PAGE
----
Methane emissions are generally expected to contribute about 10% to 20% to the future global radiative forcing. Because the sources of CH4 are uncertain, forecasts of emissions are also uncertain. Most forecasts simply project the rate of accumulation in the atmosphere to continue.

3/ Nitrous Oxide N2O: Ice core data indicate that the concentration of N2O was stable for approximately 3000 years and began to increase slightly since the beginning of the industrial period. The sources of N2O emissions are poorly known. The dominant human activities associated with N2O emissions are agricultural and energy use.

N2O is expected to contribute about 5% of total radiative forcing. Forecasts of future N2O emissions are very uncertain.

4/ Chlorofluorocarbons CFCs: The term chlorofluorocarbons refers to a family of compounds derived from the CH4 or higher carbon-content hydrocarbon molecule. A CFC is formed by replacing all hydrogen molecules with the halogens chlorine (Cl) or fluorine (F). When the bromine (Br) atom is also used as a replacement, the compounds are referred to as halons.

CFCs, particularly CFCl3 and CF2Cl2 (i.e. CFC-11 and CFC-12), are receiving the most attention because of their large concentrations and potentially significant effects on stratospheric ozone. These gases are destroyed in the stratosphere (primarily by photolysis) which releases all of their chlorine atoms to act as catalysts for O3 destruction. Other chlorinated halocarbons or halons also release chlorine or bromine to the stratosphere. CFC gases are also strong IR absorbers in the "atmospheric window". One molecule of CFC-11 has about 12,000 times and one CFC-12 has about 15,800 times the radiative forcing impact of a CO2 molecule. CFC-11 and CFC-12 are thought to have contributed about one-third of the radiative forcing of non-CO2 gases (that is about 16% of the total effect). Other important chlorinated compounds include CFC-113 (CF2ClCFCl2), HCFC-22 (CHF2Cl), and methyl chloroform (CH3CCl3). The ultimate impact of CFCs on greenhouse warming and on stratospheric O3 depletion depends no only on the relative effectiveness in destroying O3 and their IR absorption characteristics, but also on quantities produced in the future.

Countries representing most of the world's current production and consumption of CFCs have agreed to curtail production and use of CFCs. The Montreal Protocol was reached out of the desire to protect stratospheric ozone. Under the June 1990 London Agreement, production and new uses of CFCs and halons will end by the year 2000. Actual future levels of production of CFCs will depend upon the number of countries that eventually join the Montreal Protocol and London Agreement.

Several replacements for CFCs are under consideration. Most of them are either hydrochlorofluorocarbons (HCFCs that contain hydrogen but no chlorine). Although these compounds have substantially shorter atmospheric lifetimes than CFCs, a greater mass may be required to fulfill the same requirements. Most of these compounds are also greenhouse gases and could affect climate if concentrations become large. On balance, however, over the long term they will likely have a smaller radiative forcing impact than CFCs.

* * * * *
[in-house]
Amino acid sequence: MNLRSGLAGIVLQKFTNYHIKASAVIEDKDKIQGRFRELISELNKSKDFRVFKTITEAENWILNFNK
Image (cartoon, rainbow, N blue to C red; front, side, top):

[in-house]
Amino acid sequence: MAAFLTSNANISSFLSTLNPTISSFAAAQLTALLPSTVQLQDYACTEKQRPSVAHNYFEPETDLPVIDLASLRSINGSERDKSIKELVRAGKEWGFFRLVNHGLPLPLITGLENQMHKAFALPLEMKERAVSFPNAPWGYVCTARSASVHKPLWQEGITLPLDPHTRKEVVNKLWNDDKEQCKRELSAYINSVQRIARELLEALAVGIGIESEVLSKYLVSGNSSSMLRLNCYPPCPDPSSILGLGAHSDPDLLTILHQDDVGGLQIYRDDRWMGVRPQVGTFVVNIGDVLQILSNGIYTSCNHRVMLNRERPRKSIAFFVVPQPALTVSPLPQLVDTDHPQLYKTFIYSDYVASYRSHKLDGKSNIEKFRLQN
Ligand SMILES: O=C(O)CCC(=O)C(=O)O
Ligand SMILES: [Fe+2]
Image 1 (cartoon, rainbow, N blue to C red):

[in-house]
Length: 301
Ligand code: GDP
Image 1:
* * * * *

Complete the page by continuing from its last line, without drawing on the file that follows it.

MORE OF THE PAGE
THE IMPORTANCE OF O3 IN CLIMATE CHANGE

Ozone plays an important dual role in affecting climate. It is the major absorber of UV radiation in the stratosphere and thus is important in preventing the UV radiation from reaching the ground and in determining the temperature structure in the stratosphere. O3 is also an important absorber of IR radiation and is thus a greenhouse gas.

Approximately 90% of the O3 in the atmosphere is contained in the stratosphere. Ozone is produced by the photolysis of molecular oxygen followed by reaction of the resulting oxygen atom with another oxygen molecule. Stratospheric O3 is destroyed primarily through catalytic reactions involving various free radical species, including nitrogen oxides (NO, NO2), chlorine oxides (Cl, ClO), and hydrogen oxides (OH, HO2). Because the catalytic reactions result in a net destruction of O3, a small concentration of these catalysis species can have a significant influence on the stratospheric O3 concentrations.

REDUCING FUTURE GREENHOUSE GAS EMISSIONS

For some nations, the cost of reducing future greenhouse gas emissions is not an issue. For some other, the cost has become a matter of great concern. The Montreal Protocol, which has as its objective the reduction of emissions of substances that deplete the earth's ozone layer, is the first major agreement to reduce emissions of a greenhouse gas. Increasing attention has been paid to the analysis of technologies to reduce fossil-fuel CO2 emissions. The analysis of technologies to reduce the emission of gases other than CO2 and other than CFCs has received far less attention. The need for attention of the non-CO2 and non-CFC greenhouse gases will be determined when the understanding of the roles of these gases toward the global warming becomes more clear in the future. ----------------------

Reference: D.J. Wuebbles and J. Edmonds in "Primer on Greenhouse Gases" (Lewis Publishers, 1991).


Duc Ta Vo, Ph.D.
ducvo@lanl.gov

For discussion on this column, join vacets-tech@vacets.org


Copyright © 1996 by VACETS and Duc Ta Vo